- Power cuts go on for as long as 20 hours in Zimbabwe.
- Households are resorting to solar energy and charcoal, with the crisis set to go on until at least 2025.
- Large businesses are hurt the most by power cuts.
Zimbabwe is once again grappling with 20-hour power cuts, with no solution in sight until 2025 at the earliest.
“It’s a long road ahead,” Energy Minister Edgar Moyo said.
Zimbabwe’s peak demand for electricity is 1 850MW, but capacity at the moment falls below 1 200MW from the country’s three power generation plants: the Hwange Thermal Power Station, which produces 674MW, and the Kariba Hydrothermal Power Station, which produces 500MW.
Independent Power Producers (IPP) are insignificant with 38MW, according to figures released by the Zimbabwe Electricity Supply Authority (ZESA) on Friday.
Hwange’s Unit 7 was taken off the grid for regular maintenance and will be brought back in a few weeks, but Unit 8 is also be due for maintenance.
Responding to questions in parliament, Moyo said the situation in Kariba, which should normally generate 1 050MW, was worrying.
“Our normal storing capacity in Kariba is 1 050 megawatts, but we are currently running between 250 and 300 megawatts [ZESA said it’s 500MW], which is already a depressed capacity of generation,” he said.
We have developed a road map that has been adopted by the cabinet on how we are going to solve the energy issue through 2025.
According to the government, the country’s energy needs by 2025 will be around 3 500MW.
The government is seeking to reach the 2025 targets by mixing fossil energy and green energy projects, with the private sector playing a leading role.
“In the medium to long term, the government will embrace private sector-led coal mining initiatives and new technologies such as green hydrogen, floating solar panels, battery energy storage systems, and funding some of the renewable energy projects dotted around the country in order to increase domestic generation of electricity,” Information, Publicity and Broadcasting Services Minister Jenfan Muswere told journalists.
The day-to-day reality of deep load shedding
The only areas enjoying unlimited access to electricity are those on the same grid as VIP residences, major hospitals, and broadcasters.
The wealthy are making investments in solar power and backup generators that run on petrol and diesel.
Solar energy is gaining popularity since it doesn’t require fuel and is ultimately less expensive in the long run.
Two 24-volt panels and four 12-volt batteries make up a typical solar home station.
However, the average salary of around R4 500 for government workers and other common folk makes sustainable energy an unaffordable alternative.
As a result, outdated techniques like charcoal have become popular.
Charcoal is reasonably priced for the average person. A 50kg bag lasts for a month and costs roughly R100.
To manufacture charcoal, vendors harvest and burn mopani trees in the wild.
Liquefied petroleum gas (LPG) is becoming more popular in urban centres.
The Zimbabwe Energy Regulatory Authority (ZERA) estimates that by December this year, the country would have consumed 65 million kilogrammes.
A decade ago, the consumption was just five million kilogrammes.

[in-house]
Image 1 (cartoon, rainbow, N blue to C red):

Still, gas is expensive for ordinary people when it sells for about R38 per kg.
On 28 October, when South Africa played in the rugby World Cup final, it was a big deal for many Zimbabweans.
It was a must-watch final against New Zealand. However, for half the match, in some parts of the country, there were power outages, and revellers at one pub had to cheer the Springboks on in the darkness.
“As we approach December, running a pub of this kind would be more expensive. I would need a standby generator and, in the long run, a solar system. But solar will not power the fridges. It’s tough times ahead,” said Emmanuel Moyo, a pub owner in Bulawayo, the second-largest city.
Bigger businesses are also feeling the effects of power outages.
National Foods, one of the largest manufacturers and marketers of food products, now relies heavily on generators, and its diesel uptake has gone up by 448%, further driving up the cost of its products.
“Business was more reliant on generators in Financial Year 2023, with 3 175 more hours of generator power, which attributed to the 448% increase in usage,” the company said in its financial statement.
With the problem likely to be around for a long time, National Foods is contemplating constructing a solar power station.
“Working with Distributed Power Africa, a concept design for a 2MW solar installation at the Aspindale site has been generated and assessed. Although no firm plans for progressing the project have been approved, work continues on refining the concept and assessing the proposal,” the company said.
The situation is worse for tobacco farmers, one of Zimbabwe’s major foreign currency earners.
Speaking to the state-run Herald, Zimbabwe Tobacco Association (ZTA) chief executive officer Rodney Ambrose said: “Growers are struggling to complete their irrigation cycles and are relying on diesel-powered generators, incurring huge costs.”
Ambrose said that since using generators for irrigation was not a sustainable alternative, crop quality, output and producer viability would probably be jeopardised.
Power demand will rise even more when the irrigated crop begins to cure in early December.
Since the beginning of the marketing season, Zimbabwe has shipped more than 98 million kilogrammes of tobacco, demonstrating some progress in its goal of reaching R30 billion $1.6 billion) in total exports – a significant increase from $900 million earned in the 2022 season.
The News24 Africa Desk is supported by the Hanns Seidel Foundation. The stories produced through the Africa Desk and the opinions and statements that may be contained herein do not reflect those of the Hanns Seidel Foundation.
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Publish date : 2023-11-13 14:24:23